Pierson preemptory resignation from 2nd.

Clipped from US, Indiana, Indianapolis, Indianapolis Monroes Iron Clad Age, May 19, 1883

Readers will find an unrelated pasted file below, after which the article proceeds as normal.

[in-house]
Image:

!YET MORE.Last week it was hoped that there was an end to the racket about good Rev. Brother Doctor Pierson# He had sent in bis peremptory resignation. He bad gone ofT to Detroit iu a huff, had a consultation with Brother Gardner, Waydown Beebee, Giveadam Jones and Pickles Smith, it is reasonable to infer, for no live visitor to Detroit would fail to make the acquaintance of those able philosophers—he had got him another job and quit at once aud forever. The church wasn’t big enough to pack away the depraved penitents that were honing to hang upon bis words, and he wouldn’t stay—lie just wouldn’t. He had clean quit and he would stay quit. He had struck and he would stay struck. He hadn’t struck for higher wages, but he had struck because the house was of insufficient capacity to accommodate the throng of sinners that were dying in sin aud that could be saved if they could once get into the house where the great divinity physician could have a whack at ’em. The forty thousand colored souls of the city would surely be lost if they couldn’t get the word from the sin doctor's own inspired lips. The gilded cyprians of all sizes, colors, ages and degrees that give the city a Parisian fame, that bring it so much ill-gotten revenue and that support a host of doctors who but for their traffic would be out of business and would perhaps take to the ministry aud do battle for “the master,” might all be saved, might all be fitted out with wings aud harps and be transformed into birds of paradise if the great specialist Doctor Pierson had a church big enough to seat them. The poor of the city were honing to be healed by the great sin doctor, but the house was so small that they couldn’t get in. It is true, the theaters had been thrown open to the great specialists, the trucling newspapers had done heavy bellows work to blow the glad tidings about tbe city that salvation would be dished out free, and there luid been tremendous sounding of horns to rally the lost tribes; but they hadn’t rallied worth a cent. Only a few fashionable church members and goers answered to the gospel trump. The crowds didn’t come. Still this didn’tsatisfactorily disprove the “doctor’s”theory that they would come if his church was big enough to hold ’em. The “doctor” felt that his mission was “evangelical work,” ami he must have a bigger house, faints Paul aud John were evangels of some note. They had no houses to preach in. “The master” himself was quite a conspicuous character in evangelical work, but he wa* a poor man with poor ways which are not to be imitated in our more enlightened day. If the great sin specialists, the good DoctorPierson, could be provided with a house that would Beat the sin-begrimed masses they would come and hear him tell the sad story of this poor “master,” who was the son of his father, the very able Jehovah who kept the sun from setting so Joseph could see to kill tfeeiug women and children who might hide in the darkness. This Jehovah is now the god of Indianapolis and of the whole Doited States. If brother Doctor Pierson had a house sufficiently capacious to seat the sinners they would come and hear him tell how this god loved the world, how the people had .-inucd against him ; how lie had once drowned ai! of them but enoutrh for seed, but as that didn't improve them, how he had devised another “scheme.” He would come down and seduce a Jewish maiden. She should hear his son. I bis sou and mother he would abandon. He wouldn’t support the mother nor educate the son. He would set his wicked world an example of seduction aud abandoument. He would pack the world's sins on the back of that son and then kill the son, on the sameprinciple that a man gives a jewsharp for a dog and then shoots the “dorg !” Thus the offence of sin would be condoned—paid for. God would pacify himself by killing his son! He would pay the debt the world owed him by murdering a member of his family! This is the Christian “scheme of salvation!” This thesinner must believe! lie must praise it aud say it was wise. And the condition is attached that the priests must be supported and the infidel be hooted at and proscribed. The proper setting forth of j iibis “scheme” to a last world, (for it isBtill lost in spite of the “plan”), is called “evangelical work}” And this work Brother Doctor Pierson would go at with alacrity if he had a house big enough ! He would tell sinners all about this scheme, just as the newsboy claims to tell “all about ihe murder” if you will buy his paper, if he had house room. There are other matters connected with this scheme that tbe “doctor” loves to talk about. The same god that paid a debt coming to himself by killing his innocent son, prepared a vast Bea of fire wherein he burns to all eternity the souls of all who reject his “word” and the woid of his holy ministers. This comforting news the “doctor” for the want of house room is unable to herald forth effectually. And so he must needs leave Indianapolis tinners to their doom and hie him away to snatch the Michiganders from the burning. This was settled, and we so notified the world last week. But before the paper reached the remote passenger a church love-feaal was held, there waB akissing and a making-upand the divinity physician concluded, temporarily at least, to withdraw his cruel letter of abandonment.And now tbe wicked conclude that this eternal threat of abandonment on the part of the great healer of sin-sores is only a device to keep himself before tbe public. The able secular press is ever tooglad to note the slightest movement of a minister. The Rev. Doctor This and the Rev. Doctor That!—the one was more than ordinarily impressive last lord’s day and the other discoursed eloquently on thosinof non-church going! “Doctor” So-and-so was spending his vacation at Hot Springs and “Doctor” Love-the-ladies, exhausted by overwork, was going on a six-monlhs’ tour of recuperation to Europe. Such items as these the eight by ten Town Tattle and the .mammoth Daily Nuisance alike delight to parade before a greedy public. And this feeds the vanity of the holy man, who in spite of his sacred character and calling, is yet in some measure human. To have the head line in every daily paper every day— “Rev. Dr. Pierson,” is gratifying to the able sin physiciau, and any little godlike pretense of church unpleasantness and threats to quit that keep the head linethere and keep the “doctor” before the public, magnifies his importance and redounds indirectly to the glory of god. Hence the daily rumors of “ructions” and the constant reconciliations.The News of May 9th says:“The question of the resignation of Rev. Dr. Pierson, as pastor of the Second presbyterian church, has been in abeyance since his return from Detroit, pending a conference with the officers of the church, This conference took place last night. After a long and amicable interview between Dr. Pierson and the session of the church, and also with the board of deacons, the conclusion was reached that the pastor should withdraw his letter of resignation of April 22nd, which, it is uow understood, was an expression of hisabsolute determination to withdraw from the pastorate. The conclusion came after a full review of all the circumstances attending Dr. Pierson’* call to the church and of his subsequent relations thereto. The misunderstanding which had arisen were explained and Dr. Pierson will now remain, for the present, pastor of the church. Dr. I’ierson said to a News reporter this morning, that there was now no issue between himself and his church, but that at last night’s conference, it was clearly understood on all sides that if, at any time, god should open the door to a wider evangelistic field than that presented him in Indiauapolis, he should be at liberty to accept a call to such a field. He however, had no such field now in view, lie also said that at the conference he left the matter of church enlargement entirely in the hands of the church; that he would not urge the matter further; that the determination as to the advisability of the enlargement would remain exclusively with the church. He declined to head any faction and the withdrawal of his resignation was in the interest of peace and harmony, “it must be understood,” said Dr. I’ierson, “that while I have no expectation of leaving the church, yet there is no commitment on my part to remain. Of course, if thechurch determines to enlarge and the evangelistic field is thereby opened widely to me here I will naturally remain.” He stated that in I lt;79 he had received such an urgent impression that his proper work was evangelistic and amongst the fioor, that he had never yet been able to rid himself of that feeling, and thus the’ matter stands. The misunderstanding which was adjusted at the conference last night was in relation to the question of the enlargement of the church. Dr. I’ierson claimed he had come to Indianapolis with Hie distinct and positive assurance of the committee which had visited him iu Detroit that the Second presbyterian church here would lie sufficiently enlarged as to give him the same access to souls lie had in Detroit, where he had audience room for nearly 2,900. The church officers understood that Dr. I’ierson, in a statement he made to them after he took charge of the pulpit, waived the matter Dr. Pierson held that he had not waived it, but only left with the officers the determination as to the character of the enlargement.”U will be seen that here is artfully left a proviso for further disturbance and further newspaper notoriety. This matter is noted here at this length to impress upou the infidel the hateful and hideous features of hypocrisy—of priest-craft—of religion !BONU-8PRAY.This is the title of a neat volume ofpoems published last year by Remington Co., 124, New Bond street, lxndon, England. The author is George Barlow, who has previously published a volume entitled Song-Bloom. We are not aware that an American reprint of Mr. Barlow’s poems has yet appeared.Mr. Barlow ranks with your modern type of poets. He delights m irregularity of measure and oddity of versification. The admirers of the old masters can never enjoy the limping lyrics of your modern bard. Walt Whitman, though abounding in bold imagery and strong in thought, Is despised by all men of trne poetic taste for the rough and clumsy log-chaln clanking of his verse, if verse anything ha ever wrote can he called. But Barlow is unlike Whitman.